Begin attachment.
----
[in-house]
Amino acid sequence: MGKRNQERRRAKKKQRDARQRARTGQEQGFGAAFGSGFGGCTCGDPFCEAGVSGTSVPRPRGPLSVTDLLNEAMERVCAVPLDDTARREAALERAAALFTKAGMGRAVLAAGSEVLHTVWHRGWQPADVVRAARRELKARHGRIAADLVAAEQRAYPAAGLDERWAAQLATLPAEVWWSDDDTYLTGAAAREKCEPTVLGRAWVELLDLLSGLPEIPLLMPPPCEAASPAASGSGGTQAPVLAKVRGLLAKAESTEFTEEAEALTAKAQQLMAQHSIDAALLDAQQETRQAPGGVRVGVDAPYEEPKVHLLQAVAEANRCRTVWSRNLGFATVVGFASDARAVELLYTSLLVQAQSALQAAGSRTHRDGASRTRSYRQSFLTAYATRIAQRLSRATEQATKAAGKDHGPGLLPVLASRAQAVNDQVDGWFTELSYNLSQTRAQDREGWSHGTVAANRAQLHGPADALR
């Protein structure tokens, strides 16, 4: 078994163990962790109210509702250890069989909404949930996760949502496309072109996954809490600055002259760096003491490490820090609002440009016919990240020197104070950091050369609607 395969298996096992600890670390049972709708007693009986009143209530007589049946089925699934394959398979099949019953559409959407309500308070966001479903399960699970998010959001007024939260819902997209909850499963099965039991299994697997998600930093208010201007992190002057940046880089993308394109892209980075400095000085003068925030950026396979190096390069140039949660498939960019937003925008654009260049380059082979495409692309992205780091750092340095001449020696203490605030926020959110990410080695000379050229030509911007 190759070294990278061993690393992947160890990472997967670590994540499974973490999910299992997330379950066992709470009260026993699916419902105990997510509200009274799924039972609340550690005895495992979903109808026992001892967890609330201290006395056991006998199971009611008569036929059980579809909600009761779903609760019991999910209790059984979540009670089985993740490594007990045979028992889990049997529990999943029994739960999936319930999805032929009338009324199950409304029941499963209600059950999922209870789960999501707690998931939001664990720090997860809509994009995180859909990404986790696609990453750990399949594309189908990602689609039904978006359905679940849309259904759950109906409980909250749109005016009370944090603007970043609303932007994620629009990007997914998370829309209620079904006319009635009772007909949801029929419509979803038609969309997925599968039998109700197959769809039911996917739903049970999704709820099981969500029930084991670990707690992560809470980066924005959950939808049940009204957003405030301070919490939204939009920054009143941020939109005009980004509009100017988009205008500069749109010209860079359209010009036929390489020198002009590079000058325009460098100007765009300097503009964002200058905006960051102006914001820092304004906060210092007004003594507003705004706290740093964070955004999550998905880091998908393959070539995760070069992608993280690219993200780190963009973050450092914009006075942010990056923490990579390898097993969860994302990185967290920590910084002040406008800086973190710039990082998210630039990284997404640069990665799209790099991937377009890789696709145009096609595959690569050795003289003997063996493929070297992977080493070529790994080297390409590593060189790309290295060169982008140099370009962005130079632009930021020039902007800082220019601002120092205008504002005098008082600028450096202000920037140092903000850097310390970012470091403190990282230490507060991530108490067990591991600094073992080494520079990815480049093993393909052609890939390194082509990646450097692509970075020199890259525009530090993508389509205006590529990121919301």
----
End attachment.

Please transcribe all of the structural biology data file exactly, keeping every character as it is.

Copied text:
[in-house]
Amino acid sequence: MGKRNQERRRAKKKQRDARQRARTGQEQGFGAAFGSGFGGCTCGDPFCEAGVSGTSVPRPRGPLSVTDLLNEAMERVCAVPLDDTARREAALERAAALFTKAGMGRAVLAAGSEVLHTVWHRGWQPADVVRAARRELKARHGRIAADLVAAEQRAYPAAGLDERWAAQLATLPAEVWWSDDDTYLTGAAAREKCEPTVLGRAWVELLDLLSGLPEIPLLMPPPCEAASPAASGSGGTQAPVLAKVRGLLAKAESTEFTEEAEALTAKAQQLMAQHSIDAALLDAQQETRQAPGGVRVGVDAPYEEPKVHLLQAVAEANRCRTVWSRNLGFATVVGFASDARAVELLYTSLLVQAQSALQAAGSRTHRDGASRTRSYRQSFLTAYATRIAQRLSRATEQATKAAGKDHGPGLLPVLASRAQAVNDQVDGWFTELSYNLSQTRAQDREGWSHGTVAANRAQLHGPADALR
């Protein structure tokens, strides 16, 4: 078994163990962790109210509702250890069989909404949930996760949502496309072109996954809490600055002259760096003491490490820090609002440009016919990240020197104070950091050369609607 395969298996096992600890670390049972709708007693009986009143209530007589049946089925699934394959398979099949019953559409959407309500308070966001479903399960699970998010959001007024939260819902997209909850499963099965039991299994697997998600930093208010201007992190002057940046880089993308394109892209980075400095000085003068925030950026396979190096390069140039949660498939960019937003925008654009260049380059082979495409692309992205780091750092340095001449020696203490605030926020959110990410080695000379050229030509911007 190759070294990278061993690393992947160890990472997967670590994540499974973490999910299992997330379950066992709470009260026993699916419902105990997510509200009274799924039972609340550690005895495992979903109808026992001892967890609330201290006395056991006998199971009611008569036929059980579809909600009761779903609760019991999910209790059984979540009670089985993740490594007990045979028992889990049997529990999943029994739960999936319930999805032929009338009324199950409304029941499963209600059950999922209870789960999501707690998931939001664990720090997860809509994009995180859909990404986790696609990453750990399949594309189908990602689609039904978006359905679940849309259904759950109906409980909250749109005016009370944090603007970043609303932007994620629009990007997914998370829309209620079904006319009635009772007909949801029929419509979803038609969309997925599968039998109700197959769809039911996917739903049970999704709820099981969500029930084991670990707690992560809470980066924005959950939808049940009204957003405030301070919490939204939009920054009143941020939109005009980004509009100017988009205008500069749109010209860079359209010009036929390489020198002009590079000058325009460098100007765009300097503009964002200058905006960051102006914001820092304004906060210092007004003594507003705004706290740093964070955004999550998905880091998908393959070539995760070069992608993280690219993200780190963009973050450092914009006075942010990056923490990579390898097993969860994302990185967290920590910084002040406008800086973190710039990082998210630039990284997404640069990665799209790099991937377009890789696709145009096609595959690569050795003289003997063996493929070297992977080493070529790994080297390409590593060189790309290295060169982008140099370009962005130079632009930021020039902007800082220019601002120092205008504002005098008082600028450096202000920037140092903000850097310390970012470091403190990282230490507060991530108490067990591991600094073992080494520079990815480049093993393909052609890939390194082509990646450097692509970075020199890259525009530090993508389509205006590529990121919301």